Top 100 stories of 2016: 100-91
First, a confession.
We know you love team lists. NRL.com is the first place for all team news on a Tuesday and as such dominates the spreadsheet when we dig down to uncover the articles that attracted the most eyeballs on the NRL app over the course of a season.
So in the interests of finding the stories each week that registered most on the fans' radars we excluded team lists, casualty ward and late mail for the purpose of this exercise.
What we're left with is a stroll down memory lane of the major news items of 2016; hope you enjoy the walk.
The best season of the now 25-year-old's career came with an unexpected bonus.
No, it wasn't a New South Wales Origin jersey or record for most penalties conceded in a season but rather the chance to become the greatest single-season try-scoring prop forward in the history of the premiership.
With a double against the Knights in Round 24 James drew within one of Jack Holland (St George, 1950) and Harry Eden (South Sydney, 1975) and claimed the record with tries in Round 26 and in the Elimination Final against the Broncos.
His 12 for the season was equal with winger Anthony Don for honour of Titans' leading try-scorer.
Talk of the use of golden point extra-time to decide outcome of finals matches began almost immediately after Johnathan Thurston's one-pointer secured the Cowboys a maiden premiership last year and in July action was taken, two five-minute halves to be played if scores were locked at full-time before going to golden point if necessary.
"The stakes are clearly high in Finals Series matches, and especially in the Grand Final, so it makes sense to have a period of extra time prior to golden point," said NRL CEO Todd Greenberg in announcing the change that had been ratified by the ARL Commission.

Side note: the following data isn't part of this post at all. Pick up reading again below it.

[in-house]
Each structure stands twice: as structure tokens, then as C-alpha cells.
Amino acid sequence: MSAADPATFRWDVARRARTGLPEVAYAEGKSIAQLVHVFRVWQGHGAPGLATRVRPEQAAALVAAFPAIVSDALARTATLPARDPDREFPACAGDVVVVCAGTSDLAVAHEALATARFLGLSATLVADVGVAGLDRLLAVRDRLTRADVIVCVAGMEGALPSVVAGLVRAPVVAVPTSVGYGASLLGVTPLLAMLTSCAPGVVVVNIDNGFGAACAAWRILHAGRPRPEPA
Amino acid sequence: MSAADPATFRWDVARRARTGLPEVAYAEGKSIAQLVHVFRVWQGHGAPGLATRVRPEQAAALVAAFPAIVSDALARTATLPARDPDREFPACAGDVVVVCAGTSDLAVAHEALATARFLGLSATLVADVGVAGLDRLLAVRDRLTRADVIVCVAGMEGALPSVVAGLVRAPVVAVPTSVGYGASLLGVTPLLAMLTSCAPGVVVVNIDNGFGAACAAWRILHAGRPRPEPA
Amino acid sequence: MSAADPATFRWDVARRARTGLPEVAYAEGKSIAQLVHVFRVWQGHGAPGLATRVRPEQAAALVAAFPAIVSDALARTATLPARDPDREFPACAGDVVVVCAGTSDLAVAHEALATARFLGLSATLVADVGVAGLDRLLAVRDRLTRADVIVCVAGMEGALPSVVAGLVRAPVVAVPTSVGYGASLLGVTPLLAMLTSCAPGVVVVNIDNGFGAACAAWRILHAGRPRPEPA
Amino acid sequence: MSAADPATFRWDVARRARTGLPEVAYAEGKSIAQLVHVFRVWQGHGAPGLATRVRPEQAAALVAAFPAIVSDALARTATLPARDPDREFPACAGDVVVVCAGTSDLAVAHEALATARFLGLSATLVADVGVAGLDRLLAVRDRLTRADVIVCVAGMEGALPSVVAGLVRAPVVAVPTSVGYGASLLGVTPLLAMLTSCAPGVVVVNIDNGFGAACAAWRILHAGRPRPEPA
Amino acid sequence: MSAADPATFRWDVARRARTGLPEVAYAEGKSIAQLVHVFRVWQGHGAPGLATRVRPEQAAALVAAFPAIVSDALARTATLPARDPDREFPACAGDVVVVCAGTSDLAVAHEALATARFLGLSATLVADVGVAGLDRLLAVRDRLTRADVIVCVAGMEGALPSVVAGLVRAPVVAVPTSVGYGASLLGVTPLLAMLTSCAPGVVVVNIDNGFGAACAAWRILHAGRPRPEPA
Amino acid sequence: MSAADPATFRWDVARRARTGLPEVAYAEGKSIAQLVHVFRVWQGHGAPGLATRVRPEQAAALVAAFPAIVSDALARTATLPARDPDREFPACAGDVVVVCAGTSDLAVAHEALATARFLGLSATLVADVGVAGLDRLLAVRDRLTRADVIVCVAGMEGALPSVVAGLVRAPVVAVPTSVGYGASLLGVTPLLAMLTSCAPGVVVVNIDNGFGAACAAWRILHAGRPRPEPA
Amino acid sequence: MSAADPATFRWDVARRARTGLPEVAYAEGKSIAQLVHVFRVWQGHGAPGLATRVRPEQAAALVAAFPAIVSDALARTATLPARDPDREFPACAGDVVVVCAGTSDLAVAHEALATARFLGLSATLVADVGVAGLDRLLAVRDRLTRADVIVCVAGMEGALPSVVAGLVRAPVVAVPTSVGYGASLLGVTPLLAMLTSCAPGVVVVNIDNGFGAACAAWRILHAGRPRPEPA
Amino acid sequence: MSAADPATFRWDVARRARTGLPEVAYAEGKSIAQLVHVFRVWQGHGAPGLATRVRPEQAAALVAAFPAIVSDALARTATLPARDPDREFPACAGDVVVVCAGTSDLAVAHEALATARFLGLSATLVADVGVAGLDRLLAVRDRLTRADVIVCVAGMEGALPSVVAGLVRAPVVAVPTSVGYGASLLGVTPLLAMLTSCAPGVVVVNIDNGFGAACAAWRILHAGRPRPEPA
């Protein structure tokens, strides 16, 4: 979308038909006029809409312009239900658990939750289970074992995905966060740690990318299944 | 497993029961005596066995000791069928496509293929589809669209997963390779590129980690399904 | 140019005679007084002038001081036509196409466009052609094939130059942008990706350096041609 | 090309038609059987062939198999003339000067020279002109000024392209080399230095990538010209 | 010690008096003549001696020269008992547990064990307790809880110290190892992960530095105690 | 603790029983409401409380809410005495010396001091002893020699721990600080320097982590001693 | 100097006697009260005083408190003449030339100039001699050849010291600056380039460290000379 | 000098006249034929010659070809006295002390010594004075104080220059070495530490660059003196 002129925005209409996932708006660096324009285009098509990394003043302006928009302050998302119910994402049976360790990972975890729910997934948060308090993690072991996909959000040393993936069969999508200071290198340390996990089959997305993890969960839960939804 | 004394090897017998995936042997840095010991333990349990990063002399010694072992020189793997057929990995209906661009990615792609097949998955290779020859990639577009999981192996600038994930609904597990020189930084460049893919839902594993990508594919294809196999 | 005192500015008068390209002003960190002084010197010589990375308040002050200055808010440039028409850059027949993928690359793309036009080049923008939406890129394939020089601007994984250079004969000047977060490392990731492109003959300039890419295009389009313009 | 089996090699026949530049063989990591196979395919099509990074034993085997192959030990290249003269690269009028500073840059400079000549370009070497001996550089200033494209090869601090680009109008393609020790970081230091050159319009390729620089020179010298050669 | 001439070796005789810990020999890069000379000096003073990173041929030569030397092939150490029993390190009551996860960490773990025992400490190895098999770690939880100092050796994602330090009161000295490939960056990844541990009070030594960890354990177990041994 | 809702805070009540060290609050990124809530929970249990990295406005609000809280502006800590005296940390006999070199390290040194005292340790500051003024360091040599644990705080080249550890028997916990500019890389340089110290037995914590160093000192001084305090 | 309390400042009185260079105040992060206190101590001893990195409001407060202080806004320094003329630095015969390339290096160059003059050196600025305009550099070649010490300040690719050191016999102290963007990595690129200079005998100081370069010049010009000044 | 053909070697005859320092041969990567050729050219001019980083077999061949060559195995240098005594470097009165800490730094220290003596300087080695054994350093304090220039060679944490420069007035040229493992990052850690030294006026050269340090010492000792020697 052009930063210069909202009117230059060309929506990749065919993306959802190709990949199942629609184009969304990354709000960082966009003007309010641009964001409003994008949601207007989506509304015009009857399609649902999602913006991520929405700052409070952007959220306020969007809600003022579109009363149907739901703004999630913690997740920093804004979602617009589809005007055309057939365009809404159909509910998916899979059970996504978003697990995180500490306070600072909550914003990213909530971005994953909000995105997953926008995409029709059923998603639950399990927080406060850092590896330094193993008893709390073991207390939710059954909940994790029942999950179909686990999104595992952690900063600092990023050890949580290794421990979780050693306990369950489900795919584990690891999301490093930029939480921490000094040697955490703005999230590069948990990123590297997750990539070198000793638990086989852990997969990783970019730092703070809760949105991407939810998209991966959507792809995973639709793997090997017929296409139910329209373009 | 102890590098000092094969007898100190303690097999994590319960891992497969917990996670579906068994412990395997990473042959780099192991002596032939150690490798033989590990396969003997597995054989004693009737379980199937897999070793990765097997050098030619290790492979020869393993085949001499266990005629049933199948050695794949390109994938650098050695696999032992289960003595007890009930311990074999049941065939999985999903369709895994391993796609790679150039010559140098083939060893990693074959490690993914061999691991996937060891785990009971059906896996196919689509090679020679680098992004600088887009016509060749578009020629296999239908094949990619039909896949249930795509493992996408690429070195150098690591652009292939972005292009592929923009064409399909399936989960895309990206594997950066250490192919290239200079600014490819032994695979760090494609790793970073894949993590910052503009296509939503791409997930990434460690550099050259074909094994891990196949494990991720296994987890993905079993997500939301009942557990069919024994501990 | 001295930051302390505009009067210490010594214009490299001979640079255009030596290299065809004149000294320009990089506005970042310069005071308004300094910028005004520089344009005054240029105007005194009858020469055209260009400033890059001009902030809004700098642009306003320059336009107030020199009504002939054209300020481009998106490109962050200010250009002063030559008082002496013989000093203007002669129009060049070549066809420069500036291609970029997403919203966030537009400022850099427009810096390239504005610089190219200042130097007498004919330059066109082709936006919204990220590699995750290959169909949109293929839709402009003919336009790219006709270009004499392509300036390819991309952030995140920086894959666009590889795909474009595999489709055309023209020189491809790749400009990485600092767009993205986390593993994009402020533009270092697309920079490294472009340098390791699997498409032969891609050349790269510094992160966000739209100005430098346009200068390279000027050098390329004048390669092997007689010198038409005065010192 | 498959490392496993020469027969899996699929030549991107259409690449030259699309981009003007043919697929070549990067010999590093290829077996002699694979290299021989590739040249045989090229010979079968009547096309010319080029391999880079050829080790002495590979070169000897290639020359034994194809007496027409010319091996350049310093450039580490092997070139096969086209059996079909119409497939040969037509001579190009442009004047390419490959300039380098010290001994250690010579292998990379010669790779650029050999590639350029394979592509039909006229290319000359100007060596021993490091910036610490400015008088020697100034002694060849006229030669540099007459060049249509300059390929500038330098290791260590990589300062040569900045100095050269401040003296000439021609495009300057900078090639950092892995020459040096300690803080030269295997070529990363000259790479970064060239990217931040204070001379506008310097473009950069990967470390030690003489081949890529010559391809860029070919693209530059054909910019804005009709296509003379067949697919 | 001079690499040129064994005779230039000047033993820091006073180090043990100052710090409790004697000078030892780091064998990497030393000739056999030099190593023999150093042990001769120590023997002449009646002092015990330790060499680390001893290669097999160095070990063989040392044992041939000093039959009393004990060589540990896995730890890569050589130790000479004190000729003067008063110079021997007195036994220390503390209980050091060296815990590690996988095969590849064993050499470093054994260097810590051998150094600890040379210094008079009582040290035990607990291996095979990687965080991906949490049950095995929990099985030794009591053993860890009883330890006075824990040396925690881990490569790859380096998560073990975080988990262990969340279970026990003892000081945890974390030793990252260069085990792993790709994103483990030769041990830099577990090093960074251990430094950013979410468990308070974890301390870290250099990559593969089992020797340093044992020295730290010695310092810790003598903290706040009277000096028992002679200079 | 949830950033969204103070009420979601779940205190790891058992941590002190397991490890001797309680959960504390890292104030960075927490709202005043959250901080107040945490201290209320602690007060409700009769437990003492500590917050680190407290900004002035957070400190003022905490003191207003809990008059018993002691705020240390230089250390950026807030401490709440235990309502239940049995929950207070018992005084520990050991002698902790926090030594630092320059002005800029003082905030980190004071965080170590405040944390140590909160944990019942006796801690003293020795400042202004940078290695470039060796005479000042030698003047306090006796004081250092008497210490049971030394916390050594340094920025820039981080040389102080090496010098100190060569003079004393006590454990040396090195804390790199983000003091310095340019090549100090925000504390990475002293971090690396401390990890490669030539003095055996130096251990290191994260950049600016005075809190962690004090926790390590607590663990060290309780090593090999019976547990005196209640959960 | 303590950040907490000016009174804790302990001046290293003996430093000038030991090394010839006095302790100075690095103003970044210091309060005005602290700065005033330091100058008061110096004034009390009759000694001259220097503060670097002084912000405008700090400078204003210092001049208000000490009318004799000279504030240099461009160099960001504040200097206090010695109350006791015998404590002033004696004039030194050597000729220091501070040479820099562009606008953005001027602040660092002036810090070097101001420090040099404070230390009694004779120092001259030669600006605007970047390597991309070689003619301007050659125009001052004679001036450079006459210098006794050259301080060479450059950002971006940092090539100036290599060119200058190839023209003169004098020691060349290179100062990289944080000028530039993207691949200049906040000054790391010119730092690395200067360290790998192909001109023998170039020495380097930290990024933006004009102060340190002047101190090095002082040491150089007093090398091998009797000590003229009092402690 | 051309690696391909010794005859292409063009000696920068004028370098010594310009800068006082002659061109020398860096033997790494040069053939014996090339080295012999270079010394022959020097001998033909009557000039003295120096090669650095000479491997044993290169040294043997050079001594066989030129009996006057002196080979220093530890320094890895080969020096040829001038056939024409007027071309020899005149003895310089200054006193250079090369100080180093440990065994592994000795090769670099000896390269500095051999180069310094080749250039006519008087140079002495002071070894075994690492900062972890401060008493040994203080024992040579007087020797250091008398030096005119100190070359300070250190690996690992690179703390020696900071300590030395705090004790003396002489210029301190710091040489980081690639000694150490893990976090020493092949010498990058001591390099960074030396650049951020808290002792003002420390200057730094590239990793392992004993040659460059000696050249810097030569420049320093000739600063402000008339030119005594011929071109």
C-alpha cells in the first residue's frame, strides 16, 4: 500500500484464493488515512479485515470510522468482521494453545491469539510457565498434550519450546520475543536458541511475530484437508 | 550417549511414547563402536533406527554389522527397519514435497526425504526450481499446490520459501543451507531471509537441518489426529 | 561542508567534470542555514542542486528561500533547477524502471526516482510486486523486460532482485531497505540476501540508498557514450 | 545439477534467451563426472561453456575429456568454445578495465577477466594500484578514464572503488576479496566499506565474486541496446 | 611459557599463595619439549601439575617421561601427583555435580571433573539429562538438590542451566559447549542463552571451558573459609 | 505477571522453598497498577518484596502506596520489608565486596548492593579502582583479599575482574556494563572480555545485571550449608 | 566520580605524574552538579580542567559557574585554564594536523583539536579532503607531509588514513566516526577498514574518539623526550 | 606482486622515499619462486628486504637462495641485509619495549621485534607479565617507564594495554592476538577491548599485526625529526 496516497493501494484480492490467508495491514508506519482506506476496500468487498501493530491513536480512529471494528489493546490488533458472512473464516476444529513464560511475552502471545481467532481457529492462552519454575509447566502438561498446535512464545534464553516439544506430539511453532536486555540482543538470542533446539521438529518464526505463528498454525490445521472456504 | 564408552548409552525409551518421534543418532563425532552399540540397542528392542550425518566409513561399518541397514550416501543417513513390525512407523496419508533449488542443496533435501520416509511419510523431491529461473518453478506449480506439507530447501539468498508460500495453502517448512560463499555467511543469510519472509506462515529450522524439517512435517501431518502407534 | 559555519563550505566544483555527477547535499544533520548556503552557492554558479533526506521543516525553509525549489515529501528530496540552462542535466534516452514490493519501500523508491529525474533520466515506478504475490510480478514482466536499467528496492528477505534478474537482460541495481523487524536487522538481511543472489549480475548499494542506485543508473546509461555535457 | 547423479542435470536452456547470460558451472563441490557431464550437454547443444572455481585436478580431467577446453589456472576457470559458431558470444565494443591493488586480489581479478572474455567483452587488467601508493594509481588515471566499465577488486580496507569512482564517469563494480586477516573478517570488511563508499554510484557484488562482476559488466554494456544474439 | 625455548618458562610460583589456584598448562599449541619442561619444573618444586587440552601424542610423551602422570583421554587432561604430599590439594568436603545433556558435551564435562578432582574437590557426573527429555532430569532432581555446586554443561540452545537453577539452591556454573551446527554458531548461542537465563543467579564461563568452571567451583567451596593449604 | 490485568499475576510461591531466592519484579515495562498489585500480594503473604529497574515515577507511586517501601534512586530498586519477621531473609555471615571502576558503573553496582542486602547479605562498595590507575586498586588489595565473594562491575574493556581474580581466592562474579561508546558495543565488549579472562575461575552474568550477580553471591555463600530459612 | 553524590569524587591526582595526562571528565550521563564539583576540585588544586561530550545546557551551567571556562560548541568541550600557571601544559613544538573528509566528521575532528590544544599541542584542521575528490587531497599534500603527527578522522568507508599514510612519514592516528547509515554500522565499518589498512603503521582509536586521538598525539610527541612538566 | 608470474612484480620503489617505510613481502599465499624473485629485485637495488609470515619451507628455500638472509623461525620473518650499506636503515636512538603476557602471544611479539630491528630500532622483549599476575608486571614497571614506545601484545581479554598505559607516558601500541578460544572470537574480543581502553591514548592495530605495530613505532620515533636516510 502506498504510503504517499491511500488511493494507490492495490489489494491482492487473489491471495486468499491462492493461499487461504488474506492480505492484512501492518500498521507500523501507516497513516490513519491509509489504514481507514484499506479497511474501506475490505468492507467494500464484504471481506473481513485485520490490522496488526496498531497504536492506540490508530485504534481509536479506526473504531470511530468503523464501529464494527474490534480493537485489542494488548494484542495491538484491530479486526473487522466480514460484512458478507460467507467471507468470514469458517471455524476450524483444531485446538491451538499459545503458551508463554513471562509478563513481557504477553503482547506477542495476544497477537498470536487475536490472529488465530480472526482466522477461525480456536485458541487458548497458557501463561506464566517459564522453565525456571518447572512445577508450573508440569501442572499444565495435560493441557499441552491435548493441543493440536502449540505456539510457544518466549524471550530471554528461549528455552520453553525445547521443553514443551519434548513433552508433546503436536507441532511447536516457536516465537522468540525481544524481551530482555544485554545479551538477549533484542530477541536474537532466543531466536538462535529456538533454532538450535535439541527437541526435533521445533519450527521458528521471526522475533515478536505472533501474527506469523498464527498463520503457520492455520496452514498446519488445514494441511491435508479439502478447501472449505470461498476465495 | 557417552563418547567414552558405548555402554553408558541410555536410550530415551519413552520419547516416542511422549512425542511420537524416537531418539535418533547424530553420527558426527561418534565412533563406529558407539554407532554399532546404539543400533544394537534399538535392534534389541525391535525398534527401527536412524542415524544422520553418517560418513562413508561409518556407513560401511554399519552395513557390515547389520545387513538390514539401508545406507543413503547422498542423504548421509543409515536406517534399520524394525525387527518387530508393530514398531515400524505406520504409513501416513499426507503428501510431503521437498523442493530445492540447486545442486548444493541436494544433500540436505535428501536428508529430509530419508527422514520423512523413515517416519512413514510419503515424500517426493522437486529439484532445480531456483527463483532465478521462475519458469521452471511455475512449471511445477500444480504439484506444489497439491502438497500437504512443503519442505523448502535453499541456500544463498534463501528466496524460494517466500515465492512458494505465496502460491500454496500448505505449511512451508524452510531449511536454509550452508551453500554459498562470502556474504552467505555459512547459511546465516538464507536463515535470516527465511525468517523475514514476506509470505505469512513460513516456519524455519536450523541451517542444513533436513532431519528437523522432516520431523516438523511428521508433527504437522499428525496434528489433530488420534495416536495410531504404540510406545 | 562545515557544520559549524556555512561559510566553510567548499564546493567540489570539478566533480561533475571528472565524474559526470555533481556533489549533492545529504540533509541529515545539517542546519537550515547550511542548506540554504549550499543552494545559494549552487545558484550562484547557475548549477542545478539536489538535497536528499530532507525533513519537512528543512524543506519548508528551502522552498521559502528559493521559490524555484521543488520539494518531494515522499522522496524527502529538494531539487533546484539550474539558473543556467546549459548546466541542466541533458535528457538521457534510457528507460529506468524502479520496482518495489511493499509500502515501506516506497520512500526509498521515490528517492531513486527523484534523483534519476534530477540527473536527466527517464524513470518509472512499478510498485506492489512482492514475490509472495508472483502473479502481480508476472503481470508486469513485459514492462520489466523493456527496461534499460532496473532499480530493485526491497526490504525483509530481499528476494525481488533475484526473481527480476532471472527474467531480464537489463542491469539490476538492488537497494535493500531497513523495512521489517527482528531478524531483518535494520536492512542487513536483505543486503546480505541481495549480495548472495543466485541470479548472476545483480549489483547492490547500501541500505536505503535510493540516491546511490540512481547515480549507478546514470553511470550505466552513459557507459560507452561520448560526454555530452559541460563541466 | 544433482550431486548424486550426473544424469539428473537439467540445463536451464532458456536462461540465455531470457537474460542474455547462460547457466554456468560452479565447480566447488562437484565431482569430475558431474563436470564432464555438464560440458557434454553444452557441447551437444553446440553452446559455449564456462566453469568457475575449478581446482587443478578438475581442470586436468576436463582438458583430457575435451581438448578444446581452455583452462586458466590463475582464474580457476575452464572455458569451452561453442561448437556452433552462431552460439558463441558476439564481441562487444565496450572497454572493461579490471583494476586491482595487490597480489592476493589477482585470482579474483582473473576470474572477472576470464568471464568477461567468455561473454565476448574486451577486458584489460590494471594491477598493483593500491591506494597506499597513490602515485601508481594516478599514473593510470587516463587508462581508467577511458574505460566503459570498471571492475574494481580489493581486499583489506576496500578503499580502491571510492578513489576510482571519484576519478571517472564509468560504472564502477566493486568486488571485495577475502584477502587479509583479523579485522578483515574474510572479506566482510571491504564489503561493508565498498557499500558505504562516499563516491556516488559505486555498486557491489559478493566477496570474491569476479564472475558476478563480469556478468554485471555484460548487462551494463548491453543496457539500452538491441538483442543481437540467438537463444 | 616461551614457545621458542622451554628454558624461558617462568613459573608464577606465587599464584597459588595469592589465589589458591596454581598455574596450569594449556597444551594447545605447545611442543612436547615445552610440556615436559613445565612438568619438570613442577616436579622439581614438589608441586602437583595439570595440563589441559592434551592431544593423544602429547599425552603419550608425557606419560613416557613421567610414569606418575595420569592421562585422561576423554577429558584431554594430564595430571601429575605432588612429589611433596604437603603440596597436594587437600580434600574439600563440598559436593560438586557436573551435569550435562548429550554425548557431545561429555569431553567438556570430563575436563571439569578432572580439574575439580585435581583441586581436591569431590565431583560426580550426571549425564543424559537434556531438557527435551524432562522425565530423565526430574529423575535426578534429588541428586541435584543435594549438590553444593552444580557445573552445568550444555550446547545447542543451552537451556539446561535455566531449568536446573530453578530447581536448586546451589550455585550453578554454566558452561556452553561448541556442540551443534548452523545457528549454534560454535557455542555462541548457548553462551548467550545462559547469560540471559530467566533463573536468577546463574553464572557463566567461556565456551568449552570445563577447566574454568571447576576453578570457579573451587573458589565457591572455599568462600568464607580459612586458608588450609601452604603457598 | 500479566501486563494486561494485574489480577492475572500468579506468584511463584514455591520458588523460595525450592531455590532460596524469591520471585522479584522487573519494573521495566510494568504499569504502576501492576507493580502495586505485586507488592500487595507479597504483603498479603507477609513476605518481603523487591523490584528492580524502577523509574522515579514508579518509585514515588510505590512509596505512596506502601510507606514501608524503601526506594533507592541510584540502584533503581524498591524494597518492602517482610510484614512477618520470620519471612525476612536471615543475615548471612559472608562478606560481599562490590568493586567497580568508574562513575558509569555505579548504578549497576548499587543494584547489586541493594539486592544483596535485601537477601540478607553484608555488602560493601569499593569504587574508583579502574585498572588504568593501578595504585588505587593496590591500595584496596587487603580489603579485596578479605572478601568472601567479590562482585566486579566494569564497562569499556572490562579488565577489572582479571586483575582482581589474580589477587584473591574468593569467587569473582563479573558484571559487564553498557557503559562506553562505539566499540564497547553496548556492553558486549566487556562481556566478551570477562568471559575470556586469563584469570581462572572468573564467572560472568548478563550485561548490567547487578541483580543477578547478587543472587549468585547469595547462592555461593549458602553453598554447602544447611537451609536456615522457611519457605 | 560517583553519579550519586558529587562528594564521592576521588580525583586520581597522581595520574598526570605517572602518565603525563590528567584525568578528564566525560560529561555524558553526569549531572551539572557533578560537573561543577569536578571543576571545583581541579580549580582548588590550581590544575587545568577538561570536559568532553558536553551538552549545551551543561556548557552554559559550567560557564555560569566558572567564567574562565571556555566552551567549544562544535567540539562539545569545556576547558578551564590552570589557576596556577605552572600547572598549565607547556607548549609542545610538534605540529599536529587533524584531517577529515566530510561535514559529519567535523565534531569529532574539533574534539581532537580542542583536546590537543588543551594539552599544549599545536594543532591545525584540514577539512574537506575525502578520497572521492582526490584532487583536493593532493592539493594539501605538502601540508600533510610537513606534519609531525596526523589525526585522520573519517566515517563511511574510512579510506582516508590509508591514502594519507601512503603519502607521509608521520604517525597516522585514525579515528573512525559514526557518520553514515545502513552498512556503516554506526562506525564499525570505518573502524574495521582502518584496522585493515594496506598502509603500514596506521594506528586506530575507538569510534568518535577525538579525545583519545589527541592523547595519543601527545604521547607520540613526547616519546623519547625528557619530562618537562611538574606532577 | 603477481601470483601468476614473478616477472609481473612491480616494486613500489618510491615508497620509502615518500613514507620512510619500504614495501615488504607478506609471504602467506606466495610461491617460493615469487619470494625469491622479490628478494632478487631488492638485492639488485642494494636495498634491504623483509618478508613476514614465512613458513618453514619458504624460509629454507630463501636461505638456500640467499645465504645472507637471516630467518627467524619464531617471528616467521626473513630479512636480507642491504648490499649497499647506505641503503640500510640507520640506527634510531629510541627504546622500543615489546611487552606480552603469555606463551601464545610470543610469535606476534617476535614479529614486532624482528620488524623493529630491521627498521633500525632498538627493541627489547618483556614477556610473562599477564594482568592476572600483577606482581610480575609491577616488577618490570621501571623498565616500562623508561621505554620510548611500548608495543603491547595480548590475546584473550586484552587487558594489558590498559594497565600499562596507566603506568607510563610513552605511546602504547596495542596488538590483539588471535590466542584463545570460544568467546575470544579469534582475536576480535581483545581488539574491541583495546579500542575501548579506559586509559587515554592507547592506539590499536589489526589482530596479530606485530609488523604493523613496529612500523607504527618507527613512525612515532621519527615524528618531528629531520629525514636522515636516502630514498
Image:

"Not only will it mean a more expansive style of football in the extra time period, it will also be less likely that a team is eliminated in golden point."
Ironically it was the Cowboys and Broncos who were the first teams to participate in a finals match that went into extra time, again Thurston dictating the outcome but this time by laying on a try for Michael Morgan near the end of the first period of five minutes.
It's the cruel reality of our game that injuries seem to strike certain players more than others and in recent years there have been few more affected than Tim Moltzen. After playing 83 games for the Wests Tigers in his first five seasons Moltzen was able to add just seven in the past four years, a fresh start at Manly this year again cruelled by the chronic knee injury that forced him into early retirement from rugby league.
"The medical advice I have received is that for my own quality of life and to enjoy being active in the future with my own children, the best decision for me is to retire,'' said Moltzen, who was honoured as a retiring player at the NRL Grand Final.
"As much as I want to keep on playing, the truth is my body is now nowhere near where it was when I was playing my best footy.
"It is very disappointing at 27 to call it a day and by no means was it an easy decision. It was definitely not something I wanted to do, but it is something I have been forced to do."
Today it's finally hit me that my footy chapter has come to an end. As a young kid from the Central Coast with a dream to one day play a single game of NRL I'm now lucky enough to say I've ticked that off. Whilst there's been ups and downs I wouldn't change a thing. A massive Thankyou to @ashleigh_moltzen ,all of my family and all of my friends for always being by my side. Also I have to thank @nrl_weststigers @manlyseaeagles & @adidasau for supporting me and giving me the opportunity to do what I love. It's TTFN & onto the next chapter of life.
A two-Test series between the Australian Schoolboys and England Academy generated plenty of interest as footy fans eagerly sought to learn more about the next generation of youngsters coming through the ranks.
New South Wales-based players dominated selections with 14 representatives in the 17-man squad including exciting Sharks prospect Blake Brailey, younger brother of Holden Cup Player of the Year Jayden Brailey.
The other notable inclusion was giant 16-year-old Payne Haas, the Keebra Park product recently signing a contract with the Brisbane Broncos.